Giving the parameters of your choice for a pass phrase seriously increases the chance of the pass phrase being resolved.


TheTechGuru

join:2004-03-25
TEXAS
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Reviews:
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·WesTex Connect

1 edit

said by ashrc4:

said by TheTechGuru:

I actually have not changed mine in years.

said by ashrc4:

Does that mean you have not done any firmware upgrades?

No it does not, I keep my firmware upgraded. My router model does not require reprogramming when upgrading the firmware.

said by TheTechGuru:

Not to mention I'm using channel 13 and "n" only mode.

said by ashrc4:

Not sure the exact reason why but channel 13 is not an allowed frequency in the U.S.

from wiki;

Spectrum assignments and operational limitations are not consistent worldwide: most of Europe allows for an additional two channels beyond those permitted in the US for the 2.4 GHz band (1–13 vs. 1–11),

That is incomplete information. The truth is: "In the USA, 802.11 operation in the channels 12 and 13 is actually allowed under low powered conditions. The 2.4 GHz Part 15 band in the US allows spread-spectrum operation as long as the 50-dB bandwidth of the signal is within the range of 2,400–2,483.5 MHz which wholly encompasses both channels 12 and 13. A Federal Communications Commission (FCC) document clarifies that only channel 14 is forbidden and furthermore low-power transmitters with low-gain antennas may legally operate in channels 12 and 13."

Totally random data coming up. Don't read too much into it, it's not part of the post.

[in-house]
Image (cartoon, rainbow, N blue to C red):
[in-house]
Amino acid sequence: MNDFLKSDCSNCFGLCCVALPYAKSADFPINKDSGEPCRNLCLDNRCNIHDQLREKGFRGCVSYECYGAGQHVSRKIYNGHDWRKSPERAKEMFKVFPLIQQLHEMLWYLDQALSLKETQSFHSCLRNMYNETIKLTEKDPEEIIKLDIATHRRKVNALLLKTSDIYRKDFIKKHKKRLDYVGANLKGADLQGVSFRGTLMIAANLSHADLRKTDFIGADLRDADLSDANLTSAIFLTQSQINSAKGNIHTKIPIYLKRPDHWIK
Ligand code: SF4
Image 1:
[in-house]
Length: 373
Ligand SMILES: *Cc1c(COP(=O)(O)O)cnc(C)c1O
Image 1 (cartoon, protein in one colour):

said by ashrc4:

EDIT;
Giving the parameters of your choice for a pass phrase seriously increases the chance of the pass phrase being resolved.

That is incorrect because ASCII pass phrases are converted into HEX keys by the device. All keys are HEX.

»jorisvr.nl/wpapsk.html

TWObEzglZZTH53Z1nxYyoWQL2TWfdfVw2QR7Qxsa1oQ7NANEXm0Z2oyj1k9RKSA is no more secure than 5908F30733441D98E18E31DD690762B3E4493C807A1A9C30D4270D0652639930

TWObEzglZZTH53Z1nxYyoWQL2TWfdfVw2QR7Qxsa1oQ7NANEXm0Z2oyj1k9RKSA with a SSID of NETGEAR would actually have a key of 99E3EFB15AC60ECD94F178FC3BD26E9EBAB30FFD303CFF6B7E1AE890123FFEAF
--
CompTIA Network+ Certified


ashrc4
Premium
join:2009-02-06
australia

Thanks for clarifying your points.
When exactly did the FCC change it's rules?
Not something easily found.

I agree that you do update your firmware and that the rules governing the extra channels have been revised but why/how do you think that the last point is wrong.